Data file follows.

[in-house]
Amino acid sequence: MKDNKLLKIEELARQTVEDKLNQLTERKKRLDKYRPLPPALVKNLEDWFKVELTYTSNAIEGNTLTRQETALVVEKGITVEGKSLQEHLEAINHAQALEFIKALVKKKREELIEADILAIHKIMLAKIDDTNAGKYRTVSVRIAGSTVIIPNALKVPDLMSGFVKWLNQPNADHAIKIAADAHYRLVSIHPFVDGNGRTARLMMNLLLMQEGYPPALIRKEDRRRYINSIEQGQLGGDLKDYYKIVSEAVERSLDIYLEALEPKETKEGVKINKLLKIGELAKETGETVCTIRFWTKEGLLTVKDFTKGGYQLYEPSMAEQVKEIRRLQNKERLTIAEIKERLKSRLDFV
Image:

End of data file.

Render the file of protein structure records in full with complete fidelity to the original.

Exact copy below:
[in-house]
Amino acid sequence: MKDNKLLKIEELARQTVEDKLNQLTERKKRLDKYRPLPPALVKNLEDWFKVELTYTSNAIEGNTLTRQETALVVEKGITVEGKSLQEHLEAINHAQALEFIKALVKKKREELIEADILAIHKIMLAKIDDTNAGKYRTVSVRIAGSTVIIPNALKVPDLMSGFVKWLNQPNADHAIKIAADAHYRLVSIHPFVDGNGRTARLMMNLLLMQEGYPPALIRKEDRRRYINSIEQGQLGGDLKDYYKIVSEAVERSLDIYLEALEPKETKEGVKINKLLKIGELAKETGETVCTIRFWTKEGLLTVKDFTKGGYQLYEPSMAEQVKEIRRLQNKERLTIAEIKERLKSRLDFV
Image: